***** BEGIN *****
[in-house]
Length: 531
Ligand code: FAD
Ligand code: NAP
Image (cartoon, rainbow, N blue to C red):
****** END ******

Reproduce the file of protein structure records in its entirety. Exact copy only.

[in-house]
Length: 531
Ligand code: FAD
Ligand code: NAP
Image (cartoon, rainbow, N blue to C red):